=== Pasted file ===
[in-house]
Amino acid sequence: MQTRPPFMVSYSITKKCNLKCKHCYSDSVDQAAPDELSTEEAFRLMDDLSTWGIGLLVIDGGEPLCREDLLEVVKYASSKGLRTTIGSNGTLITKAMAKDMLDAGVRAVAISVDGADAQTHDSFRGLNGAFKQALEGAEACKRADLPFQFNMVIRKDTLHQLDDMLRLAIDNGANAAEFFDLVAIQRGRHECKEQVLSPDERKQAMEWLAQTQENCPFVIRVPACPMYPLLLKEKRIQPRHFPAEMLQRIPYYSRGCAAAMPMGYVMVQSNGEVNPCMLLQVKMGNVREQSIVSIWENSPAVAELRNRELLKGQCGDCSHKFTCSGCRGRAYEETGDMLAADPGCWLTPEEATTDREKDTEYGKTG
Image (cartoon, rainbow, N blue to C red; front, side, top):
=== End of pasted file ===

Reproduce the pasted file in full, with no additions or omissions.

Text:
[in-house]
Amino acid sequence: MQTRPPFMVSYSITKKCNLKCKHCYSDSVDQAAPDELSTEEAFRLMDDLSTWGIGLLVIDGGEPLCREDLLEVVKYASSKGLRTTIGSNGTLITKAMAKDMLDAGVRAVAISVDGADAQTHDSFRGLNGAFKQALEGAEACKRADLPFQFNMVIRKDTLHQLDDMLRLAIDNGANAAEFFDLVAIQRGRHECKEQVLSPDERKQAMEWLAQTQENCPFVIRVPACPMYPLLLKEKRIQPRHFPAEMLQRIPYYSRGCAAAMPMGYVMVQSNGEVNPCMLLQVKMGNVREQSIVSIWENSPAVAELRNRELLKGQCGDCSHKFTCSGCRGRAYEETGDMLAADPGCWLTPEEATTDREKDTEYGKTG
Image (cartoon, rainbow, N blue to C red; front, side, top):